Vietnam's inflation eases to lowest in more than two years

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Vietnam's economy grew 5.9 percent last year, and the government is aiming for a 6.0-6.5 percent expansion this year

Vietnam's inflation slowed for a 10th month to the lowest level in more than two years, leaving room for further interest-rate cuts to support growth.

Consumer prices climbed 6.9 percent in June from a year earlier, the General Statistics Office said in Hanoi Sunday, the lowest since December 2009 and down from 8.34 percent in May. The median of five forecasts in a Bloomberg News survey was for a 7.5 percent rate.

The pace of price gains has eased as slowing economic growth crimped consumption and concerns over the health of Vietnam's banking industry led to a contraction in outstanding loans through April. Gross domestic product expanded the least since 2009 last quarter, and the central bank has reduced borrowing costs for four straight months to shield against a faltering global recovery.

"Decelerated global commodity prices, especially food, and lower-than-expected domestic demand growth" are helping lower the inflation rate, Hai Pham, a Singapore-based analyst at Australia & New Zealand Banking Group Ltd., wrote in a note this month. ANZ said it has revised its year-end inflation forecast for Vietnam to almost 7 percent from 9 percent to 10 percent previously.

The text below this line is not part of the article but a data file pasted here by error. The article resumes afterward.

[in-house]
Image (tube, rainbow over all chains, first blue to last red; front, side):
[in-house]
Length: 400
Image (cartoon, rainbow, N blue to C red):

The finance ministry on June 21 said it had cut gasoline, diesel and kerosene prices after global costs fell. The government is targeting inflation of 7 percent to 8 percent this year, and a 6 percent expansion in GDP, Deputy Prime Minister Nguyen Xuan Phuc said on June 15. On June 21, Vu Viet Ngoan, chairman of the National Financial Supervisory Commission, said annual inflation may slow to 5 percent to 6 percent by year-end.

Slower growth

Prices in June fell 0.26 percent from the previous month, the Statistics Office said. Food costs rose 6.3 percent from a year earlier and slipped 0.23 percent from the previous month.

Vietnam should prioritize containing inflation even if it means accepting "somewhat slower growth" in the short term, the International Monetary Fund said this month. Price gains will probably reverse their downward trend in the second half of the year, and policy easing may "cause inflationary pressure to re-emerge" in three to four months, the World Bank said earlier this month.

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